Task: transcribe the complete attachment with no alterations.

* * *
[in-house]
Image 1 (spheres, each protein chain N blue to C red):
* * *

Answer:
[in-house]
Image 1 (spheres, each protein chain N blue to C red):